Booking Appointments

I know there is widespread concern in our community about COVID-19 (the coronavirus), and I want you to know that your health is my top priority.
To support people to practice their best self-care, all sessions will take place via telehealth or video conferencing due to COVID-19 (the coronavirus) until further notice. 

The Secure Client Portal is your access point to all services available as a client, such as:

  • scheduling appointments,
  • receiving reminders,
  • communicating with me through email,
  • and making secure payments.

Your information is kept safe with a HIPAA compliant encryption program and the latest technology to assure that all records remain completely confidential. The structure of the system ensures professional accountability for your personal health information (PHI) which is required by law and in your best interest. My clinical notes are kept within this site, eliminating the chance that any information about you can be found through my computer. I do not keep any paper records. 

Since you will be entering the site through your unique username and password, there is no chance for anyone to view your information through your computer either, unless you choose to allow this access. All clients must use this site and register in order to receive my services. Registration is free

Please use the link below to schedule your first appointment which you must secure with a credit card. You can choose individual or family therapy (for couples). Once you make a request, I will call you to have a conversation about your needs and determine if we might be a good fit. Your appointment will not be confirmed until we talk.

For an initial free fifteen minute phone consult (in person contact is suspended at this time), please call me at  413-349-4005.

Please be sure to check my Policies page to check accepted insurances.

Please call me if you would like an appointment for the next day.

You will receive an automatic appointment reminder forty-eight (48) hours in advance of your appointment. I require 48 hours notice for cancellation or you may be charged a fee.

Thank you and I look forward to working with you!

©2018 Robin Slavin, LMHC, MA License #7459
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Recent Posts

We Are Not Our Thoughts

IMG_1869Most of us believe that what we think is who we are. This is supported in western culture. There are many sayings and affirmations that reinforce this idea. We often get stuck there. We believe our thoughts are one hundred percent true. Not only that, we believe we must act on them. What if that is not the case? How many times have you made the mistake of acting thoughts you believed were true only to find out that you made an erroneous assumption, or lacked all the information to make a sound judgment? What about emotions? How often have you acted on impulse, without thinking something through, without asking yourself, what is the evidence this is true? Is there another way to look at this? What if I wait for this thought or feeling to pass? Have your impulsive responses led to damaged relationships, an inability to connect with others, lost jobs, income, or opportunities ?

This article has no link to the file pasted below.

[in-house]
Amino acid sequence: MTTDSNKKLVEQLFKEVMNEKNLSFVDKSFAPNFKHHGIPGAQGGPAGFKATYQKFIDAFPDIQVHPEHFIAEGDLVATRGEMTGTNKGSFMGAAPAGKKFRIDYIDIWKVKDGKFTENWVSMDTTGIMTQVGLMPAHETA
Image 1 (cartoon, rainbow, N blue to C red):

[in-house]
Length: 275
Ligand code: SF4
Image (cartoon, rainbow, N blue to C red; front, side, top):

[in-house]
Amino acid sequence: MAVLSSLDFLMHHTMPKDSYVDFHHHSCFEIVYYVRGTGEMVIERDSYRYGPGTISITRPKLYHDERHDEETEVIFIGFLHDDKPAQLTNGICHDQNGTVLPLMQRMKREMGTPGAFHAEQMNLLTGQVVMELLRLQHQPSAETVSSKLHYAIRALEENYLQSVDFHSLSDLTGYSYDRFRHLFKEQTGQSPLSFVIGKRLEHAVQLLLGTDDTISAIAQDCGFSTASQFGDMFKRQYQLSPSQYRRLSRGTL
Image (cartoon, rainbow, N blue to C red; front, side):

One of the tenets of psychology is that we have the power to change our thoughts and feelings. It is possible to distance ourselves from our thoughts, to feel less ruled by them. The first step occurs by increasing awareness of those thoughts and feelings and beginning to question their validity. This is challenging because we believe so strongly that our thoughts define us. This is not an easy exercise. Start by practicing a deliberate pause before speaking or taking action, especially in relationships, which I introduced in this blog entry on communication: Setting BoundariesBut what do we do when our internal dialogue is self-defeating? What about thoughts that I’m not good enough, that I can’t handle this, that I feel too anxious or sad, or angry, or want to die? Then what? What do we do with that?

One skill to develop is self-talk. We all talk to ourselves. Whether we want to admit it or not, we have conversations with ourselves. Start noticing how you speak to yourself. If you drop a glass on the floor, do you call yourself an idiot or do you say it’s just a glass, it was a mistake? This noticing will help you understand how you treat yourself, what you think of yourself, what you like about how you treat yourself, and what you want to change. You can use that same self-talk in new ways. You can learn to become your own coach. You can say to yourself I’m okay right now. I don’t like this feeling but I know it will pass. It has passed before. Pairing self-talk with other skills like distraction, especially if pleasurable, increases the chance that change can happen. Changing your environment, going for a walk, listening to music, calling someone can change your thoughts and feelings and provide relief. Even temporary relief can build emotional resilience. It takes practice and does not work all the time but it’s a start. Give me a call and we can talk about other changes you have the power to make if you are willing to take a look and consider the possibilities.

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